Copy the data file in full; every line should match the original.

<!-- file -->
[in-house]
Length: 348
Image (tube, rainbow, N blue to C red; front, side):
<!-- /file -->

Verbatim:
[in-house]
Length: 348
Image (tube, rainbow, N blue to C red; front, side):